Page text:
Writer Bill Cardoso, who coined the term "gonzo" to describe the journalism of Hunter S Thompson, has died in California at the age of 68.
Hunter S Thompson shot himself at his home in February 2005
Cardoso was working for the Boston Globe newspaper when he befriended Thompson as they both covered Richard Nixon's 1968 US presidential campaign.
He later called Thompson's resulting story, which mixed outrageous reportage and personal excess, "pure gonzo".
Cardoso died of a cardiac arrest after suffering from throat cancer.
As well as being friends, Thompson and Cardoso were admirers of each other's work.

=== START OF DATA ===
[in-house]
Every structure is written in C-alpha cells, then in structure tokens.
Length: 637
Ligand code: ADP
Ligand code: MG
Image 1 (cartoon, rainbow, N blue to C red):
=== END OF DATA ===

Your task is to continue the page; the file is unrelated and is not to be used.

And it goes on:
The word "gonzo" was said by Cardoso to be a slang word meaning weird or bizarre from his native Boston, Massachusetts.
Cardoso invoked the "gonzo" style for his own work, which appeared in US magazines Rolling Stone and Esquire.
He used the style when he covered the "Rumble in the Jungle", the 1974 boxing match in Zaire between George Foreman and Muhammad Ali, for New Times magazine.
Most of his piece focused on happenings outside the ring, including an encounter with paratroopers and a man selling python skin.
In 1984, Cardoso published a collection of stories called The Maltese Sangweech and Other Heroes.
He published another book, Dr Kurland and Dr O'Connor: The Story of a Feud, in 1990.
Long-time companion Mary Miles Ryan said Cardoso died at his home in Kelseyville, California.